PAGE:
Council tax and indirect taxes such as VAT are the most regressive taxes because they increase income inequality but pension credits, housing benefit and income support have been identified as the most progressive in 2014/15, in that they were the benefits most targeted towards reducing inequality, analysis from the Office for National Statistics shows
The conclusions follows analysis from the ONS of the effects of taxes and benefits on income inequality.
According to the ONS, data measured by the Gini coefficient – the most commonly used measure of inequality, is a measure of statistical dispersion intended to represent the income distribution of a nation’s residents - has changed between 1977 and 2014/5, with income tax emerging as the tax that was most targeted towards reducing inequality in 2014/15.
Cash benefits have become less progressive since the late 1990s.
The ONS adds however that since the average amount households receive in benefits as a proportion of their income increased for much of this time, between 2001/2 and 2011/12 their overall effect on reducing inequality increased slightly.
Since 2007/08, there has been a slight decrease in overall income inequality, though from a longer-term perspective it is above levels seen in the early 1980s.
While there was little change in overall levels of inequality during the 1990s and early 2000s, unofficial estimates suggest the income share of the richest 1% (and 0.1%) increased steadily over this time. However, since the economic downturn their income share has fallen sharply.
Direct taxes – comprising income tax, national insurance contributions and council tax – have reduced income inequality, reducing the Gini coefficient by a further 3.2% 2014/15.
Since 1977, the average proportion of income households pay in direct taxes has generally fallen, most recently going from 21.4% of gross income in 2007/08 to 18.8% in 2014/15.
At the same time, despite a number of fluctuations, direct taxes have generally been becoming more progressive.
‘Both these factors, operating in opposite directions, have led to the overall impact of direct taxes on inequality remaining at a similar level for most of the time since 1977,’ the ONS report states.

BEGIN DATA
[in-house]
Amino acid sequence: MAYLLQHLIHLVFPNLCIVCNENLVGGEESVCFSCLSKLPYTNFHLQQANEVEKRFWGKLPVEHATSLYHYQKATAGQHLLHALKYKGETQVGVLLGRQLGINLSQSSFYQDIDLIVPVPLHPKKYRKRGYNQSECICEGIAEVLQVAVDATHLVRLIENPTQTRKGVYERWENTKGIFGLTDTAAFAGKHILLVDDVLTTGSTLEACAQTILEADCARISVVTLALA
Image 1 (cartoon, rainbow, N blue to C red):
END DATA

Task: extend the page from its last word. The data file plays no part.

Since 1977, indirect taxes have become more regressive, with most of that change happening during the 1980s.
‘Unlike cash benefits and direct taxes, indirect taxes are regressive, meaning that they have the effect of increasing income inequality, leading to a 3.5% increase in the Gini coefficient in 2013/14,’ the ONS says.
Income inequality in the UK
The ONS has tracked income across four categories - original income (income before any taxes and benefits), gross income (after cash benefits are added), disposable income (after cash benefits are added and direct taxes subtracted) and post -tax income (after cash benefits are added and both direct and indirect taxes are subtracted).
In the early 2000s, income inequality fell. This was in part owing to faster growth in income from earnings and self-employment at the bottom end of the income distribution. Policy changes, such as increases in the national minimum wage, tax credit payments and NI contributions in 2003/04, are also likely to have had an impact.
The most recent peak in income inequality was in 2006/07 or 2007/08, depending on the measure used. Since then the broad trend has been one of gradual decline in levels of inequality on each of the measures.
Across the EU
The data indicate that, before any taxes and benefits, the UK had one of the highest levels of income inequality in the EU.
‘However, the UK’s tax and benefits system appears to be more redistributive than that of many other countries with relatively high inequality of original income, bringing the UK close to the overall EU average for disposable income inequality,’ the ONS says.
Across the EU, the countries with the lowest levels of income inequality in 2013, based on the Gini coefficient for disposable income, included Slovakia (24.2%), Slovenia (24.4%) and the Czech Republic (24.6%). The highest levels of income inequality were observed in Bulgaria (35.4%), Latvia (35.2%) and Lithuania (34.6%).
The full ‘The Effects of Taxes & Benefits on Income Inequality: 1977 to financial year ending 2015’ article is available here